A new military pact between Australia and Japan has been slammed as “dangerous” by Chinese state-owned media, which warns ganging up on Beijing will come at a cost.
The deal will strengthen relations between Australian and Japanese defence forces, give the green light to joint military exercises in the East and South China seas, and co-operation on humanitarian disaster relief.
But the Global Times said the US allies were forcing China to explore deeper military co-operation with other nations.
“We suggest Japan and Australia exercise restraint on the way to form a quasi military alliance against China,” it wrote on Tuesday night.
“They will surely pay a corresponding price if China’s national interests are infringed upon and its security is threatened.”
The Global Times condemned both nations for “recklessly” taking the first step to conduct deep defence co-operation that targets a third party, and accused them of shifting the responsibilities of safeguarding regional unity to China.
“This is not only unfair, but also very dangerous,” it wrote.
“China is unlikely to remain indifferent to US moves aimed at inciting countries to gang up against China in the long run.
“It’s inevitable that China will take some sort of countermeasures.”
The in-principle agreement that has fuelled tensions with China was announced during Scott Morrison’s meeting with Japanese Prime Minister Yoshihide Suga in Tokyo on Tuesday.
Australian officials have been working on the historic pact for six years; however, the development also comes amid a growing trade dispute with Beijing.
Trade Minister Simon Birmingham said Australia’s new military pact with Japan should have “no bearing” on its relationship with China.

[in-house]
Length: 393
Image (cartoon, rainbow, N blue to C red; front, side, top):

“It should not be interpreted as anything other than Australia and Japan working closely together,” Senator Birmingham told ABC RN.
“The door is open from the Australian perspective, and the ball is very much in China’s court to be able to sit down and have that proper dialogue.
“Practically, we have reached out at every possible level and pathway in terms of writing to Beijing, in terms of representations from our ambassador in Beijing, in terms of representations to Beijing’s ambassador in China.”
But Beijing’s Foreign Ministry spokesman Zhao Lijian on Wednesday rejected the assertion, saying it was a “series of wrong moves” from Australia that caused relations to take a downturn.
“It is clear that some people in Australia, with their Cold War mentality and ideological prejudice, tend to regard China’s development as a threat and have subsequently taken a series of wrong moves related to China,” he said.
“We hope that the Australian side will own up to the real reason for the setback in bilateral relations.”
Mr Zhao went on to give three examples, which included:
• Australia’s intervention in China’s internal affairs regarding Hong Kong, Xinjiang and Taiwan
• China being accused of engaging in “so-called intervention and infiltration” activities without any evidence
• Promotion of an independent international inquiry into the COVID-19 pandemic
“These acts have seriously damaged mutual trust between the two countries, poisoned the atmosphere of bilateral relations and curtailed the original good momentum of practical co-operation between China and Australia,” Mr Zhao said.
“The Australian side should reflect on this seriously rather than shirking the blame and deflecting responsibility.”
Treasurer Josh Frydenberg will on Wednesday address The Australian’s two-day Strategic Forum, saying the federal government stands “ready to engage with the Chinese government in respectful, mutually beneficial dialogue”.